Disk drive vendors present two faces to the marketplace—one to their desktop customers and another to their enterprise storage customers. Desktop customers represent high-volume, low-profit opportunities, while enterprise customers represent low-volume, high-profit opportunities. Protecting their enterprise business is a high priority for all disk drive manufacturers, as well as for vendors of controllers, monolithic arrays, etc., all of which have engaged in some questionable marketing tactics recently.
Two of the most telling of these tactics have been vendors telling customers that Serial ATA drives are "not good enough" for enterprise environments and extolling the virtues of Serial-Attached SCSI over Serial ATA in an attempt to protect their current parallel SCSI-based businesses. These efforts are designed to stifle end-user interest in Serial ATA and to keep current and future customers focused on so-called enterprise-class disk drives as the only viable solution.
These efforts to slow the inevitable adoption of Serial ATA systems will not succeed. One downfall of this strategy is a failure to realize that "good-enough storage" solutions are long past due and end users will not wait any longer. We have seen major disruptions by "good-enough technologies" in the server, networking, telecommunications, and application software markets, and the same disruptions will occur in the storage market.
Richard R. Lee is founder and CEO of The Storage Consulting Group (www.storageconsulting group.com) and an editor-at-large for InfoStor.
Disk drive interfaces at-a-glance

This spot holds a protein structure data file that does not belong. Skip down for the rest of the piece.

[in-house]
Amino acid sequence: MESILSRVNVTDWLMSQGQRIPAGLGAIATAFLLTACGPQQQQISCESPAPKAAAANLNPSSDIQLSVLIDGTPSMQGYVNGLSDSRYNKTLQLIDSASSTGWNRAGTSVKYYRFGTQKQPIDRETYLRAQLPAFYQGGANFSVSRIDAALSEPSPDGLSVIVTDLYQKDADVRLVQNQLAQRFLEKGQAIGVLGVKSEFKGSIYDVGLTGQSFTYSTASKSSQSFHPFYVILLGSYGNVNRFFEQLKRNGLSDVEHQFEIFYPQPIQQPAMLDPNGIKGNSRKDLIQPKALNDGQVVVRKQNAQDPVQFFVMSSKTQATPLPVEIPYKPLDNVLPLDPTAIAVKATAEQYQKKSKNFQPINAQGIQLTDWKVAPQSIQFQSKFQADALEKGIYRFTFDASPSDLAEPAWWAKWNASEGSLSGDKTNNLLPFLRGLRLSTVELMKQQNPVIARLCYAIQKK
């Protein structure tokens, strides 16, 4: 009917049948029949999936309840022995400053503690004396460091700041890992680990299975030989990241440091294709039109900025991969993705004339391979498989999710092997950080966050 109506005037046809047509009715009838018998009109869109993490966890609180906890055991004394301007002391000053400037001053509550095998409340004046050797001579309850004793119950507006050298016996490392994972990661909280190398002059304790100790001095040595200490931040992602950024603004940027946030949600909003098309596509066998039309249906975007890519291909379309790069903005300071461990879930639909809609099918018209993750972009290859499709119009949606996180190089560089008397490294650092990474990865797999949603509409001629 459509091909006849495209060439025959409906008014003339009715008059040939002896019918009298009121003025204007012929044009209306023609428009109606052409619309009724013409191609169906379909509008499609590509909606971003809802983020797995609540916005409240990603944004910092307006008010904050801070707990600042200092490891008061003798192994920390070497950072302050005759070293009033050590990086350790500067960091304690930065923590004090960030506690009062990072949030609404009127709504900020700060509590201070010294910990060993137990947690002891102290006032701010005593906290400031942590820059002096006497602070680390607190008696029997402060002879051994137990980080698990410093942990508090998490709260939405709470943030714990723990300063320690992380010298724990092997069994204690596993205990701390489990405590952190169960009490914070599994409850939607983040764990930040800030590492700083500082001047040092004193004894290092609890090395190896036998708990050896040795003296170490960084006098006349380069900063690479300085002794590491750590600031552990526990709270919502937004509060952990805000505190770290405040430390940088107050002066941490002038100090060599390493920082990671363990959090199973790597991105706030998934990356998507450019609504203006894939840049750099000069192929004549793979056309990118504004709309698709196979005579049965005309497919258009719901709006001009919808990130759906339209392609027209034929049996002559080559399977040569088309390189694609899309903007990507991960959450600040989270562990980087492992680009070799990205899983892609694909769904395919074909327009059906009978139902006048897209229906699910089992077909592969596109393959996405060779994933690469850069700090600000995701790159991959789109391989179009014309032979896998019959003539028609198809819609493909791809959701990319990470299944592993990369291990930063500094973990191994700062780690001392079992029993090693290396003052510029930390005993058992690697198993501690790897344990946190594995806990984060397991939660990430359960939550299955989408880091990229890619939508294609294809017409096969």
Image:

For the past 10 years, the dominant disk interfaces have been IDE/ATA and parallel SCSI. IDE drives have been used exclusively in desktop and portable systems, while SCSI (and Fibre Channel) has dominated the enterprise (server) market. IDE/ATA drives represent the vast majority of all the drives manufactured worldwide.
Late last year, the Institute of Electrical and Electronics Engineers (IEEE) ratified a standard for a replacement interface for IDE/ATA, called Serial ATA (or SATA). Serial ATA was designed to overcome numerous shortcomings of IDE/ATA drives (i.e., rotational speed, interconnect distances, I/O rates, total number of addressable devices, and lack of native command queuing). The IDE/ATA market is expected to rapidly transition to Serial ATA over the next year.
Early this year, a consortium of leading SCSI vendors announced a new draft standard—called Serial-Attached SCSI, or SAS—designed to replace parallel SCSI, which has reached its technological limits. SAS incorporates all of the technology found in parallel SCSI drives, but introduces some new capabilities (serial connectivity, a larger number of addressable devices, longer interconnect distance, etc.). SAS also uses the same type of 7-pin connector as Serial ATA drives. SAS drives will be available in 2004 from several drive manufacturers and will be initially targeted at the enterprise market.
While similar in basic attributes, Serial ATA and SAS have one glaring difference: cost. Serial ATA drives currently range from $0.01 to $0.02 per megabyte, while SAS drives are projected to range from $0.05 to $0.08 per MB.